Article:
Essay on Case Study-Tracey

1588 WordsSep 6, 20147 Pages
Case Study: Tracey Exceptional Needs Children PS340-01 Instructor: Crystal Alstot, M.S., BCBA Case Study: Tracey Transitioning to adulthood can be stressful and challenging for all, but for those diagnosed with Autism Spectrum Disorder (ASD) and their caregivers transitioning to adulthood can provoke feeling of uncertainty or even fear. People with ASD function at different levels and require varying degrees of care. There should be an individualized educational plan (IEP) established by age 16 containing postsecondary goals related to training, education, employment, and independent living skills along with the transition services needed to assist in reaching those goals referred to as…show more content…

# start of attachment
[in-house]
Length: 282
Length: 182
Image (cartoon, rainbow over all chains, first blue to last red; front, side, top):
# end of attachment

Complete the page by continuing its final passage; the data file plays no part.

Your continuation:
In this type of employment Tracey will receive ongoing support services while on the job from a job coach that will provide intensive on-site job training and support, which will be modified over time as she becomes more successful at completing her job tasks. It is important that the job coach gradually reduce the time spent providing direct training to Tracey in order to: avoid disruptions in the workplace, keep Tracey from interacting with coworkers without disabilities and have Tracey become too dependent on the job coach keeping her from developing problem solving skills and taking responsibility for her own actions (Heward, 2013). Tracey’s training/support should focus on how to get to and from work, scheduling, following instructions (supported by pictures), interactions with coworkers, money management and self-advocacy. Tracey’s goal is to live in an apartment with a college friend. Supported living is designed to foster an individual’s integration to the community as he or she works toward his or her personal goals. A supported living model is suited for Tracey because she has established basic life skills and does not have significant levels of challenging behaviors but still requires assistance in some areas. An apartment cluster houses people with disabilities while having another nearby apartment for a support person or staff member (Heward, 2013). This type of living arrangement will
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